Every country and culture have their own twist on the celebration of Eid but the basic pillars are the same.  In my culture, which is that of the Yoruba from Nigeria, the vernacular for the Eid is “Ileya” which simply translates as “home coming”. My people tend to be very elaborate and that flair shows in everything they do and Eid is no exception.

How do we celebrate Eid in the Yoruba Culture?

It usually starts with a month’s or so preparations ahead that include buying new clothes and accessories. Of course the ram and ingredients for the food to serve on the day. Then inviting, reminding and checking on family members who are far-flung away to come home. Coming home for Eid is a tradition that cannot be broken without a valid reason in my culture. In some families, even n0n-muslim members of the family are mandated to come home, not necessarily to join the celebration but to convene as family. This is the case in my family, as I have Uncles and Aunties who are non-Muslims but still need to join the family during “ileya”. [Another occasion for celebration in my culture that these people will convene again is not so much of a celebratory occasion for me. I think I should write about this other celebration in another post.]

Where is home ?

Generally in Nigeria as a country, most people have a home town but are settled in other towns or city for reasons of work, studies, marriage or other factors. So, when it’s Eid time, of course “home coming” you can see an exodus of people moving from one Town/City to another, most especially on the eve of Eid, you can see car-loads of people moving not just themselves but their belongs as if they will not be coming back.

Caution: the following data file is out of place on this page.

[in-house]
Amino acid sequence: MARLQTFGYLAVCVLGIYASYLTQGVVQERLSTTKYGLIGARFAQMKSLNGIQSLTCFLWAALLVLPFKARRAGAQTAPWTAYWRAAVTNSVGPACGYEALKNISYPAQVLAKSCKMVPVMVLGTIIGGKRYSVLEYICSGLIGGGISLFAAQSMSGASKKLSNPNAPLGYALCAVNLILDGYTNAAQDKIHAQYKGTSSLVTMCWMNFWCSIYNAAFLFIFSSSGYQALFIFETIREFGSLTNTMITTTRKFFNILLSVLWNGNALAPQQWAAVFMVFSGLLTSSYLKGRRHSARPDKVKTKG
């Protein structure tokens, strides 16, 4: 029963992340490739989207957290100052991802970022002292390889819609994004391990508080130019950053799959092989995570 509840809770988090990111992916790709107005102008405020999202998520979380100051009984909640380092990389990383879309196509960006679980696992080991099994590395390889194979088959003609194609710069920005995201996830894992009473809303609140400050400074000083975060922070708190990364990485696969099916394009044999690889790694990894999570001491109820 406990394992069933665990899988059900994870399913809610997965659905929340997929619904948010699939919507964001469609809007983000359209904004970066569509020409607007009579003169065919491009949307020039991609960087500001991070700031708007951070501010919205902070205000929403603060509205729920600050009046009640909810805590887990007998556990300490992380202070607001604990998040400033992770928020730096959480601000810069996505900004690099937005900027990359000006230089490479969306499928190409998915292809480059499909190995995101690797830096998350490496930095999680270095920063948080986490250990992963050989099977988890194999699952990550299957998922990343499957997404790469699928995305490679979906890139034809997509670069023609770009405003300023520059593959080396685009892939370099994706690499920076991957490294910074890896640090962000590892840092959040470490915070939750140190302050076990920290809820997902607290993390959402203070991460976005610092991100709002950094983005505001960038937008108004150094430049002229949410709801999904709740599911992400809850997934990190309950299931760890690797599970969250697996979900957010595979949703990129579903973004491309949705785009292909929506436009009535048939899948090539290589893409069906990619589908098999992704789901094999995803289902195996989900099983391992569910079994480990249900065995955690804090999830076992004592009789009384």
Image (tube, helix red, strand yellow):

The eve of Eid, is usually spent trying on the new clothes and accessories bought for the Eid, especially by the children and young adults. The elders sit back reminiscing on old days and things in the past when they were young compared to what it is now, or just general talk between them. The atmosphere created by this hustle and bustle even before the Eid itself is so extra-ordinary that I have never experienced it in any other celebration.  I have no words to explain other than to say, the serenity you find in a chaotic home coming, the gathering of relatives of differing attitudes and the joyous expectations of the celebrations ahead, all combined give you that special feelings.